Opened in 1958, Holland Park School became the flagship for 'comprehensive' education in England, known as the "socialist Eton" due to its impressive reputation. But by 2004, when an architectural competition for redevelopment was instigated, the school's existing buildings were beyond economic repair and failed to meet modern demands, with inflexible accommodation and tortuous circulation. The greatest challenge for architects Aedas was to design a new building to be built on the original site while the existing school remained in operation and that allowed part of the site to be sold to fund the construction but also left more usable external space than before.
Two Halves United
The result is a new block, approximately 100m long and 30m wide. A large, 7m deep basement extends across the entire building footprint to a depth of 7m, accommodating the sports hall and swimming pool as well as kitchen and dining areas. The above-ground, five storey parts are conceived as two distinct halves united by a central atrium stretching its full length and linked by a series of walkways. The east half contains the more conventional teaching spaces and is constructed using in-situ concrete columns and flat slab construction. The west half is a more dramatic, steel A-frame structure enabling the larger teaching and assembly rooms. This structure then straddles the larger spaces within the basement to create clear-span spaces.
Maximising natural lighting deep into the building with extensive glazing, while controlling glare and solar gain, proved central to the architects' strategy for design of the facades. But reducing visual impact of the long block on its sensitive surroundings - close to Holland Park and with mature trees on site – was also important. The east elevation is finished with a gently undulating stainless steel mesh, passing over a central copper canopy signalling the main entrance.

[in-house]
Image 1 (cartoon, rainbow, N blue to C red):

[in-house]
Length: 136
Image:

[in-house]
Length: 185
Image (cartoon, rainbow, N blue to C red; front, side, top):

Dynamic Three-dimensional Character
In contrast, the west facade is defined by a series of vertical fins in pre-patinated copper, brass and bronze which take on a strong, dynamic three-dimensional character. The architect for the project, Peter Runacres, explains the development of their design: "Due to the building's orientation, this elevation receives more solar gain than the east side and vertical fins are more effective in controlling glare while maximising daylight. The initial design had an arrangement of broken up, smaller fins but solar gain computer modelling revealed that more were needed.
"We then experimented using a physical model and found that this arrangement created too much visual mass so, instead, settled on full-height fins set at three - apparently random – spacings, continuing over the roof. A soft, sine curve was developed for the fin profiles, which gives an organic feel reflecting the mature trees both on the site and facing this façade from the adjacent Holland Park. We selected the mix of copper and its alloys to give a natural richness, with timeless yet contemporary qualities, as well as to deliver longevity and minimal maintenance."
The copper and copper alloy clad fins are thin in section, minimising the impact on views from inside the building. But their depth acts as an effective barrier to glare and unwanted solar gain from afternoon sunshine. Viewed from an angle, the fins come together to generate a stunning effect of dynamic sinuous forms across the façade.